Still, uncertainty about the coming months has only intensified. New infection rates have eased in some areas but are spiking in others. Some states continue to make moves to reopen their economies while others are halting planned reopenings as cases surge. Of significant concern to the grocery industry, infections have spread rapidly among workers at meat processing plants, putting the food supply at greater risk than initially thought. More broadly, the country stands at the edge of a deep recession.

The economic downturn, as well as continued concern about infection, is likely to keep food and drink spending tilted in favor of grocery retail over foodservice. It will also motivate more shoppers to consider lower-priced private label products. On the whole, food and drink retailers must contend with a patchwork of opportunities and threats and respond to a variety of diverse, even conflicting, consumer needs. Some shoppers will need help stretching their food dollars, while others may pay a premium for fresh produce delivery.

Longer term:

While it is impossible to predict when the pandemic will wind down and the recession will ease, both will have a long-lasting effect on how US consumers shop for food. Especially in areas that were hard hit by the pandemic, shoppers will remain cautious. Retailers will need to continue to highlight and follow safety protocols. Other potential longer-term shifts:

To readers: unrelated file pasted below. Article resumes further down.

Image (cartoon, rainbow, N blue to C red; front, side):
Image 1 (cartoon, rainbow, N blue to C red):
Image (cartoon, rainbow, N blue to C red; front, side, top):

• Greater interest in local or regional foods, in terms of both provenance (to reassure quality and safety) and cuisine (to tap into a heightened sense of community). The opportunity for local extends throughout the store, in both perimeter departments and center-store aisle, and could serve as a key theme for private label. It may also give an edge to local or regional retailers.

  • A focus on healthy eating as a contributor to overall wellness in general and to immunity in specific. Fresh foods and those making well-substantiated functional health claims will benefit.

  • A greater appreciation of frozen foods driven by continued improvements in quality and cuisine variety as well as the idea that a well-stocked freezer is a good hedge against unpredictable events.

  • Shopper-led omnichannel shopping. More grocery shoppers are venturing online, but online is just part of a bigger network of channels and retailers that shoppers are piecing together on their own to meet all of their food and drink shopping needs during the pandemic and the recession. Shoppers realize that no one retail channel or store can meet their needs as the crisis forces them to be more resourceful. To maintain loyalty in this increasingly dynamic environment will require grocery retailers to emphasize both online and in-store shopping and explore ways to integrate the two more closely.

The following Figure provides a traditional stoplight analysis of the impact of COVID-19 on grocery retailing overall as well as to the center of the store, the perimeter and private label, and it includes Mintel’s analysis for how we anticipate consumer behavior, as it relates to these markets, to evolve in the wake of the pandemic.

Figure 1: Impact of COVID-19 on the grocery retailing category, June 2020
[graphic: image 1]
Source: Mintel